Walking together, shoulder to shoulder, has the potential to build rapport, facilitating a natural flow of conversation as participants meander along pathways, mirroring the flow of conversation (Ross et al 2009, Carpiano 2009). As our conversation moved between topics and moods, we found that it incorporated both the more profound and the mundane. Anderson (2004) describes the rhythm of walking as opening up a rhythm of thinking. What felt significant in our pilot was the ability to converse in a way which opened up some honest exploration of our identities, the values that underpin these, and the influences on them. This felt a more spontaneous and dynamic conversation than might have happened in a more traditional indoor face-to-face interview environment and has been described by Anderson (2004) as a 'collage of collaboration'. Our experience was, as echoed in the literature, that our personal and professional identities are indeed inextricably linked in our lived experience as teacher educators (Leefrink et al 2019).

There is a focus in the geographical literature on the importance and experience of place, which helps us to reflect on the interaction of the walking interview with the location in which it is experienced. Our pilot took place in an urban garden environment, crucially away from campus, and with access to green spaces, which in themselves can feel restorative and calming. There is further scope to explore the meaning of place as we walk and talk, which might be especially beneficial with students new to Leeds Beckett as they orientate to a new place for study.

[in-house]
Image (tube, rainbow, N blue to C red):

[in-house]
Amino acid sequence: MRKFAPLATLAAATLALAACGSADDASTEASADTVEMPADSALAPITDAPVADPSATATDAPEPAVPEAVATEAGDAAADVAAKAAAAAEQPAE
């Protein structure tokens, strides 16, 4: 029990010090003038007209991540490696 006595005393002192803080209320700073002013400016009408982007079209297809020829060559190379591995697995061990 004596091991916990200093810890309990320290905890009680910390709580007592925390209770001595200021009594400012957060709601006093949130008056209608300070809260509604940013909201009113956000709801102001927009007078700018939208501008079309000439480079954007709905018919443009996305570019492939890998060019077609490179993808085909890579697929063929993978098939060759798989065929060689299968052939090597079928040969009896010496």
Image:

The benefits of walking interviews are many. Not only do they offer a real means of exploring and deepening an understanding of our lived experience, as a qualitative research method they offer the means to create rich, detailed, and multi-sensory data (King and Woodroffe, 2019). Having conducted a pilot study which enabled us both to reflect on the method of the walking interview and to begin to analyse the themes that emerged in the recorded conversations, there is now the scope to develop this approach to support the professional formation of teacher educators new to their roles and, in the future, teacher education students.

Alina Kalnina-Kalnaraja

Online Learning Tutor / Carnegie School Of Education

Alina works on the Distance Learning PGCE Course at the Carnegie School of Education. She provides advice and guidance on the design and delivery of the teaching materials in the online learning environment and supports students’ self-directed learning.

Sarah Hindmarsh

Course Director / Carnegie School Of Education

Sarah Hindmarsh is Course Director for Undergraduate Primary Education courses, 3-7 and 5-11 at Leeds Beckett. Sarah leads a team of undergraduate tutors and has a specialism in primary science which she teaches in a range of modules.